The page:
This is a science fiction release for primarily an new adult/adult audience in mind; however, there is significant crossover appeal for a mature teen reader.  Be advised that there are strong themes of violence, drug use (including an overdose) and sexual situations. This is ideal for fans of Ready Player One and the Hunger Games but who are also fans of gladiators and online gaming.  I breezed through the book in no time and really enjoyed the energetic pacing and characters.  Despite some flaws, this is a strong debut by Jennings.

Final rating: 4 out of 5 stars

Follow the author on Twitter: @HollyN_Jennings



#Arena #gaming #HollyJennings #newadult #YAlit #sciencefiction #action #netgalley #Books

REVIEW: Stars Above by Marissa Meyer

Stars Above is the short story collection of the Lunar Chronicles including 9 stories,  5 of which have never before been published. For fans of the series, this is a delightful companion and well constructed anthology where we revisit beloved characters, gain insight into backstories and fall in love with the series all over again.

"The Keeper" - this is Michelle Benoit's story and how she became Princess Selene's "keeper." I really enjoyed this since it is a perspective we didn't know much about. I loved adolescent Scarlet. She was just a fiery as I knew she would be.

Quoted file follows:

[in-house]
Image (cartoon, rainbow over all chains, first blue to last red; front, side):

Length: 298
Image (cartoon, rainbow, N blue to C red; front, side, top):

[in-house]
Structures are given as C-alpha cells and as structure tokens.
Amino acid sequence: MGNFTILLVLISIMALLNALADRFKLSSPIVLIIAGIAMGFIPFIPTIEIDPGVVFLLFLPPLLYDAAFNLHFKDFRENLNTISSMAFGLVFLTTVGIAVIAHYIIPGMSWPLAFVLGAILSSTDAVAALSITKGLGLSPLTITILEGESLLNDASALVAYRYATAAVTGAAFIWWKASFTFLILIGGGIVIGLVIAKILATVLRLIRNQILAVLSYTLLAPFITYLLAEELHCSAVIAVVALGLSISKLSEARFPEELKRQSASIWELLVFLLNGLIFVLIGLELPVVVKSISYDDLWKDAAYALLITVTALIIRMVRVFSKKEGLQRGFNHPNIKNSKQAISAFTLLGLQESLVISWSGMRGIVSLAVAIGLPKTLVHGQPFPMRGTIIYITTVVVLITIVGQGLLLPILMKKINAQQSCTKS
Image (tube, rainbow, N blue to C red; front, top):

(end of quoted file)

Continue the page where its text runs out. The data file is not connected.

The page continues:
"Glitches" - this details Cinder's first memories and meeting her adoptive family.  We see Audri's animosity and witness Cinder's uncertainly as well as glimpse the devastation associated with the plague.  Plus, we meet Iko for the first time!  I read this  when Cinder was released. It was interesting to go back now that I've finished the series and know all those interconnected details. I still really enjoy this short story.

"The Queen's Army" - this chronicles Ze'ev aka Wolf's story having been taken from his family, genetically modified and trained as one of Queen Levana's super soldiers. I love Wolf and this insight into his past . It seems so long ago that I read this for this first time with little clue Z would be Scarlet's Wolf.

"Carswell's Guide to Being Lucky" - (swoon) I'm a Carswell fangirl forever. Even as a teen he's charismatic, confident and planning his next big success even if things don't always go as planned. Readers get some insight into his character and that infamous Kate Fallow story which makes Cress swoon. Carswell is always a sucker for a damsel in distress.

"After Sunshine Passes By" - readers learn how 9 year old Cress ended up alone on the satellite.  Get ready to have your heart ripped out. This one is so sad! Seriously, my heart still hurts :(

"The Princess & the Guard" - this sets up good relationship backstory for Winter and Jacin as well as what a heartless witch Queen Levana is. I like the explanation as to why Winter chooses not to use her Lunar gift of manipulation.